Aaron: What you recognize as "electronics" is actually the sound of magic. Magic is a concept that is hard for most to grasp and perhaps even harder to explain, but one crucial aspect of it that can be illustrated has to do with perception. For magic to be recognized by the modern human, who in typical cases has become sceptical of the very existence of magic, it must appear as something recognizable, an ordinary, tangible form. This does not negate the impact the magic has on those that come into contact with it, though their level of sensitivity to it may have something to do with how deeply they are affected. For example, what you hear as electronics in the framework of our music is actually magic and its unsettling effect upon your soul speaks to your sensitivity to otherworldly elements. Though it may be unpleasant to acknowledge that you are susceptible to its effects, you are in fact lucky that your existence in this world hasn't completely dulled your extra-preceptory senses.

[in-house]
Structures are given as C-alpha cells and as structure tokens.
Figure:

Santos: Okay, now I'm really worried. Magic? He's gone off the deep end. In the past, we had Luke to "take the edge off" of Aaron's "magic." They'd stay up late, take their "magic medicine," and in the morning we'd have what you call the electronic elements to our group. Well, no one can track Luke down, so now the inmate is running the asylum. We all do our best to add to the ambient tracks, but sometimes it's better to just let Aaron ride the snake to the airport, where he can board a zeppelin and chase the dragon down the rabbit hole, if you know what I mean.
No is your most textually complex record. How much of a priority was the layering and production?